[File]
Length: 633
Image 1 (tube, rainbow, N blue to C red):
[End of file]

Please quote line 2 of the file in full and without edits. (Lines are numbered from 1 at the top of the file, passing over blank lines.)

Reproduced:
Image 1 (tube, rainbow, N blue to C red):